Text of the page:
In Save The Date, Lizzy Caplan and Alison Brie play sisters—and de facto, sometimes reluctant best friends—with fundamental differences in how they think about their romantic futures. Brie eagerly takes the lead in planning for her wedding to longtime boyfriend Martin Starr, and talks about starting a family with him; Caplan has taken two years to move in with her boyfriend (Geoffrey Arend) and just the thought of it makes her itch, to say nothing of the long-term commitment of marriage. Save The Date takes the familiar form of an indie romantic comedy—i.e. like its Hollywood counterpart, only slightly quirkier and with better music—but it’s set apart by the fact that Brie and Caplan are not so easily cleaved into the labels of “the happy bride” and “the commitment-phobe,” respectively. They share similar anxieties, but have opposing ways of dealing with them.
Playing the role of heartbreaker without trying to tidy up the wreckage left in her wake, Caplan is first shown packing boxes for the big move, and it’s a sign of her foot-dragging reluctance that several of the dishes are still caked with food. Shacking up with Arend, a sensitive indie-rock singer, makes sense to everyone but her: Starr is Arend’s bandmate, meaning the four of them could presumably be best friends and family, and maybe have a double wedding. But when Caplan turns down Arend’s proposal in humiliating fashion, she alienates everyone close to her and retreats into singlehood as a bookstore clerk and would-be artist with no firm plans for her life. When amiable rebound guy Mark Webber breaks her fall, even he seems to recognize that he’s walking into a buzzsaw.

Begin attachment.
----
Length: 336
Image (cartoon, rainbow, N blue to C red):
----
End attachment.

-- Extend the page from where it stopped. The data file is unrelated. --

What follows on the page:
A visit back home gives some indication of where Caplan and Brie are coming from: Their parents have stayed together all these years, but it hasn’t been smooth sailing. Here, as on Mad Men and Community, Brie displays a funny and poignant desire to force the world to conform to her hopes and expectations for it. It’s not like she doesn’t worry about how her marriage might work, but she’s determined to see it through. If anything, Caplan’s skepticism is more rational, but it’s not leading her on the road to happiness. Save The Date’s achievements are modest—it could be funnier and more affecting, and it ends with a shrug—but the film is wise about sibling relationships, the uncertainty of youth, and smaller matters, like the way people relate to each other after a break-up. There are no villains here, just young adults figuring out what they want, saving some dates, and cancelling others.